Trustee Leadership in Arts Fundraising and Philanthropy

By Amanda Rigali on

1310 portraits (66)Excited and ready for the first Fellowship training session of the New Year; I eagerly arrived at the stunning Whitechapel Gallery to be greeted by a sea of Fellows. Not only were the London, Northern and South West fellows all together for the first time, but also taking part in the session were Cause4 associates and additional fundraising staff from Sadler’s Wells, Royal Northern College of Music and Discover.

It was great to be able to visualise the amazing network of young arts professionals we have all created since the launch of the Arts Fundraising and Philanthropy Programme; made even greater by the arrival of Sir Thomas Hughes-Hallett (Chair of the Philanthropy Review) who was there to share his wealth of experience as a trustee, chairman and philanthropist.

“I have two simple rules: have fun, and never be bored. If you’re not having fun and you’re bored, you need to change jobs”. Sir Thomas, or Tom as he prefers to be known, definitely lives by this philosophy. Throughout the session he speaks openly, passionately and honestly about his personal motivations to give, the history behind the Esmee Fairbairn Foundation, and what constitutes a terrible trustee and indeed, does so with a good dose of humour.

So what makes a good trustee? A very useful acronym is SAGES.
S: Strategy – a good trustee should be there to help the executive team think strategically, particularly in organisations that are under resourced or have small numbers of staff.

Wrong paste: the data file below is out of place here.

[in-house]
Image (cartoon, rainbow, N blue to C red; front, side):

A: Ambassadors – a good trustee should always talk positively and knowledgably about the charity: from its message in sentence, to the financial and accounting make-up of the company.

G: Governance – a good trustee should always practice good governance; taking risks, setting the culture and ethos of the organisation, and ensuring the organisation is complying and adhering to up-to-date and relevant policies.

E: Experience – a balanced and effective Board will be diverse, and consist of trustees with varying degrees and areas of experience.

S: Support – a good trustee should provide support in every way they can; financial, time, contacts (current ones as well as new ones).

We also discussed tools for how to recruit new trustees and how to create a culture of fundraising as the core of the organisation by getting your Board and staff motivated to fundraise – a great example being that when Tom was Chief Executive at Marie Curie, he would personally fundraise his entire salary every year.

As Tom says, “The best learning comes from transparency and bad practice” so for the second half of the session we were presented with a fundraising case scenario for a fictional arts centre where half the room acted as the executive team and the other half acted as the Board of Trustees. We had an emergency board meeting about fundraising as we were short by £250,000 for our capital campaign. A lively discussion was had (and chaired by Tom) – interestingly as fundraisers we found that our answers were so focused in on fundraising that we didn’t consider the bigger strategies, such as scaling down the project.

A great inspiring afternoon, and hopefully as the young arts professionals become future Chairmen, Trustees and Philanthropists, we’ll continue to take Tom’s good practice with us and, of course, always make sure we’re having fun.

Posted by Amanda Rigali

Amanda is Director of Strategic Development at Cause4, and Head of the Arts Fundraising & Philanthropy Programme. As well as running the Programme, Amanda runs fundraising training sessions for cultural professionals across England and offers intensive strategy support to a range of charities.

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  1. Pingback: Blog: The Role of a Trustee in Arts Fundraising and Philanthropy | danakohavasegal

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